9th Edition

Interpreting Basic Statistics A Workbook Based on Excerpts from Journal Articles

258 Pages 18 B/W Illustrations
by Routledge

258 Pages 18 B/W Illustrations
by Routledge

258 Pages 18 B/W Illustrations
by Routledge

Also available as eBook on:

Interpreting Basic Statistics gives students valuable practice in interpreting statistical reporting as it actually appears in peer-reviewed journals.

Features of the ninth edition:

• Covers a broad array of basic statistical concepts, including topics drawn from the New Statistics

• Up-to-date journal excerpts reflecting contemporary styles in statistical reporting

• Strong emphasis on data visualization

• Ancillary materials include data sets with almost two hours of accompanying tutorial videos, which will help students and instructors apply lessons from the book to real-life scenarios

Each of the 63 exercises in the book contain three central components: 1) an introduction to a statistical concept, 2) a brief excerpt from a published research article that uses the statistical concept, and 3) a set of questions (with answers) that guides students into deeper learning about the concept. The questions on the journal excerpts promote learning by helping students

• interpret information in tables and figures,

• perform simple calculations to further their interpretations,

• critique data-reporting techniques, and

• evaluate procedures used to collect data.

The questions in each exercise are divided into two parts: (1) Factual Questions and (2) Questions for Discussion. The Factual Questions require careful reading for details, while the discussion questions show that interpreting statistics is more than a mathematical exercise. These questions require students to apply good judgment as well as statistical reasoning in arriving at appropriate interpretations. Each exercise covers a limited number of topics, making it easy to coordinate the exercises with lectures or a traditional statistics textbook.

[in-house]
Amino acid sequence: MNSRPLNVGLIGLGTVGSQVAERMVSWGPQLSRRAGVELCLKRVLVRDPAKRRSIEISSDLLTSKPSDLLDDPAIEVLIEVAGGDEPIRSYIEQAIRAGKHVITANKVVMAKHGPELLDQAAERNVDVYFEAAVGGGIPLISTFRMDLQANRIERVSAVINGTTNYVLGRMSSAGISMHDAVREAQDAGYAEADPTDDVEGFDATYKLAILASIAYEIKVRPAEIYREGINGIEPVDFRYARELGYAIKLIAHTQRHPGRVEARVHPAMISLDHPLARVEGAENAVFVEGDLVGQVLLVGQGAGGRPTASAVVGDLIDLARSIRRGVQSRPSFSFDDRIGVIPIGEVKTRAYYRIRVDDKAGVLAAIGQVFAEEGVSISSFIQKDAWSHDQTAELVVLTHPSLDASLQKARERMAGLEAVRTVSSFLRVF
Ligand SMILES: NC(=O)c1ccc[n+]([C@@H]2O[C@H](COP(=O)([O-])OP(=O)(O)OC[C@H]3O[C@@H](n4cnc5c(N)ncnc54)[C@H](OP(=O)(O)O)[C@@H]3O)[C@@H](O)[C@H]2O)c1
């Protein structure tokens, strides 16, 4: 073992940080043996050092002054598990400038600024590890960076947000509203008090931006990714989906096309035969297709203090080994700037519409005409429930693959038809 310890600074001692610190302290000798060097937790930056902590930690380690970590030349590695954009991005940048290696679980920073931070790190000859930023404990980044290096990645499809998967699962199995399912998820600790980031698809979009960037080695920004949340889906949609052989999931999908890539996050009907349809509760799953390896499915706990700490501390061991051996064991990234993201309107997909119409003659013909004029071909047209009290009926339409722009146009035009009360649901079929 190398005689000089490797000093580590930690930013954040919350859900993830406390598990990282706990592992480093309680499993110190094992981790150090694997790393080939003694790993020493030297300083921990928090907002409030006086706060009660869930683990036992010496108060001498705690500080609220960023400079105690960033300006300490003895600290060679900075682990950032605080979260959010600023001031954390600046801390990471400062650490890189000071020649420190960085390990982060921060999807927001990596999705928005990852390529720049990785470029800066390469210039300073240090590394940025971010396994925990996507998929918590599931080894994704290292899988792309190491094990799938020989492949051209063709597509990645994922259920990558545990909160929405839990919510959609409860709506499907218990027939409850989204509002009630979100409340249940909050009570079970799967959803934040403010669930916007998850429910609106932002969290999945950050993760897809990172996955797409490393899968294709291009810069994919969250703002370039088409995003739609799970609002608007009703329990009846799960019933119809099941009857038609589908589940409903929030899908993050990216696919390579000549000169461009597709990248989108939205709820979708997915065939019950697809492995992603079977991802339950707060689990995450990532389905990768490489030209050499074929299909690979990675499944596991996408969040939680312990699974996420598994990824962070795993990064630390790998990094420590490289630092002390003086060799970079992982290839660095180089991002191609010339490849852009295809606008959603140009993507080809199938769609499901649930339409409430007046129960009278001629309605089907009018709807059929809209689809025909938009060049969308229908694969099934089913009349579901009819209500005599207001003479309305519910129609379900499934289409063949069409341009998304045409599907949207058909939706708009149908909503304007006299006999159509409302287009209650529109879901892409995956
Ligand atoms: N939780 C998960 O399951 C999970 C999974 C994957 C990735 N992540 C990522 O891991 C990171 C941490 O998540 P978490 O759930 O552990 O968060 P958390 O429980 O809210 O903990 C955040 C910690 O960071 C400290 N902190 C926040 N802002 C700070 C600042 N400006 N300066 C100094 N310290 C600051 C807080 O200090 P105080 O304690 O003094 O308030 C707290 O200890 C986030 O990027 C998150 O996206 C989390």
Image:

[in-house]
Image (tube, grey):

1. Basic Descriptions of the Data: Measurement and Frequency 2. Describing the Data 3. Displaying Data: Visualizing What is There 4. Finding Relationships: Association and Prediction 5. Group Differences with Normal Distributions 6. Nonparametric Tests for Group Differences 7. Test Construction

Biography

Keith S. Cox is a Clinical and Personality Psychologist. He teaches research methods and statistics at the University of North Carolina Asheville, where he holds the rank of assistant professor. He uses the research methods and statistics covered in this book as he investigates Posttraumatic Stress Disorder (PTSD) and personality.

The ninth edition of this workbook is an engaging and invaluable tool for teaching students how to interpret statistics as they encounter them in articles written within the psychological, social, and health sciences. By choosing article excerpts that are sure to interest undergraduate readers, the authors may entice those many students who say they fear numbers into taking their first halting steps toward understanding. By providing clear and concise descriptions of key concepts and posing astute questions, the workbook demystifies the scientific enterprise and explains its importance for comprehending the social world. And by starting with the simplest ideas and gradually, step by step, moving toward a more complex understanding, the authors gently lead students on a learning journey that is sure to be deeply informative – and maybe even fun! -- Dan P. McAdams, the Henry Wade Rogers Professor of Psychology, Northwestern University, USA

"This introduction to reading and understanding statistics is very basic and easy to understand, but at the same time it is scientifically oriented, contemporary in outlook and forward looking in methodology. It points students in exactly the right direction, emphasizing meaningful interpretation of scientific results over recitation of cookbook formulas. Students will come away with the tools they need for comprehending graphical analysis, effect size, and statistical power." -- Eric Turkheimer, PhD, Hugh Scott Hamilton Professor, Department of Psychology, University of Virginia, USA